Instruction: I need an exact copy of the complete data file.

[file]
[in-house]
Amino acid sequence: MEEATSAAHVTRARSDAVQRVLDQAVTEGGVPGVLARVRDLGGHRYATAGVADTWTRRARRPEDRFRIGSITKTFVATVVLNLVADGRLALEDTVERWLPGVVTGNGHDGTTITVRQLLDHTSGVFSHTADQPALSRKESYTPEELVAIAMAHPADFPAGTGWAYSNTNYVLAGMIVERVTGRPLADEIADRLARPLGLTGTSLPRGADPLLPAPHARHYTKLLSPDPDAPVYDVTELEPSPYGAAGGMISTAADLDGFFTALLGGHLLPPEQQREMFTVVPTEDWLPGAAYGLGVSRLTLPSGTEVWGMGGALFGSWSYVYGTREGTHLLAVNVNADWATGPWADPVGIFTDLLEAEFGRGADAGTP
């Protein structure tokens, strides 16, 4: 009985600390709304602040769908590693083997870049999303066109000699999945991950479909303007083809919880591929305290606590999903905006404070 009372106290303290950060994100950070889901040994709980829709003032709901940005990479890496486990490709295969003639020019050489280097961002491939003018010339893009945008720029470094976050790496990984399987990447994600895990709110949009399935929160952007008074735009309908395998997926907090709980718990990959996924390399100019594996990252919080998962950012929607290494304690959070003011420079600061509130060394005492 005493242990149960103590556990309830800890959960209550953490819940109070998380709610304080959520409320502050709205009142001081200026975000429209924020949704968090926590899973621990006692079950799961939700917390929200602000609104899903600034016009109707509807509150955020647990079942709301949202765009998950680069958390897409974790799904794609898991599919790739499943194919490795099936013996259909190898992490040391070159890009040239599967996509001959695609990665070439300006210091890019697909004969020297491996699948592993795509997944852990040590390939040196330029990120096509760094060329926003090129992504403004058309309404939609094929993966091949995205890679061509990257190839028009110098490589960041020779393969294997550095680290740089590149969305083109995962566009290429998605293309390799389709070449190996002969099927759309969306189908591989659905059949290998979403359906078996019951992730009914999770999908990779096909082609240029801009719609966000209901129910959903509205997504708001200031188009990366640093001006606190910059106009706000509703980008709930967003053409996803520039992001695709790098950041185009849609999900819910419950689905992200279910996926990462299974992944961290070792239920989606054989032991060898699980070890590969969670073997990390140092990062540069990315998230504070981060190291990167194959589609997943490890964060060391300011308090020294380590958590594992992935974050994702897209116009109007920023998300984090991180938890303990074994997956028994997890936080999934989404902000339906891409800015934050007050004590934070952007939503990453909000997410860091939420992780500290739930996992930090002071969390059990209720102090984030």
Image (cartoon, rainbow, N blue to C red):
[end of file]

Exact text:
[in-house]
Amino acid sequence: MEEATSAAHVTRARSDAVQRVLDQAVTEGGVPGVLARVRDLGGHRYATAGVADTWTRRARRPEDRFRIGSITKTFVATVVLNLVADGRLALEDTVERWLPGVVTGNGHDGTTITVRQLLDHTSGVFSHTADQPALSRKESYTPEELVAIAMAHPADFPAGTGWAYSNTNYVLAGMIVERVTGRPLADEIADRLARPLGLTGTSLPRGADPLLPAPHARHYTKLLSPDPDAPVYDVTELEPSPYGAAGGMISTAADLDGFFTALLGGHLLPPEQQREMFTVVPTEDWLPGAAYGLGVSRLTLPSGTEVWGMGGALFGSWSYVYGTREGTHLLAVNVNADWATGPWADPVGIFTDLLEAEFGRGADAGTP
């Protein structure tokens, strides 16, 4: 009985600390709304602040769908590693083997870049999303066109000699999945991950479909303007083809919880591929305290606590999903905006404070 009372106290303290950060994100950070889901040994709980829709003032709901940005990479890496486990490709295969003639020019050489280097961002491939003018010339893009945008720029470094976050790496990984399987990447994600895990709110949009399935929160952007008074735009309908395998997926907090709980718990990959996924390399100019594996990252919080998962950012929607290494304690959070003011420079600061509130060394005492 005493242990149960103590556990309830800890959960209550953490819940109070998380709610304080959520409320502050709205009142001081200026975000429209924020949704968090926590899973621990006692079950799961939700917390929200602000609104899903600034016009109707509807509150955020647990079942709301949202765009998950680069958390897409974790799904794609898991599919790739499943194919490795099936013996259909190898992490040391070159890009040239599967996509001959695609990665070439300006210091890019697909004969020297491996699948592993795509997944852990040590390939040196330029990120096509760094060329926003090129992504403004058309309404939609094929993966091949995205890679061509990257190839028009110098490589960041020779393969294997550095680290740089590149969305083109995962566009290429998605293309390799389709070449190996002969099927759309969306189908591989659905059949290998979403359906078996019951992730009914999770999908990779096909082609240029801009719609966000209901129910959903509205997504708001200031188009990366640093001006606190910059106009706000509703980008709930967003053409996803520039992001695709790098950041185009849609999900819910419950689905992200279910996926990462299974992944961290070792239920989606054989032991060898699980070890590969969670073997990390140092990062540069990315998230504070981060190291990167194959589609997943490890964060060391300011308090020294380590958590594992992935974050994702897209116009109007920023998300984090991180938890303990074994997956028994997890936080999934989404902000339906891409800015934050007050004590934070952007939503990453909000997410860091939420992780500290739930996992930090002071969390059990209720102090984030």
Image (cartoon, rainbow, N blue to C red):